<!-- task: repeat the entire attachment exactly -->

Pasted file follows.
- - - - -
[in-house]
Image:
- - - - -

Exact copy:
[in-house]
Image: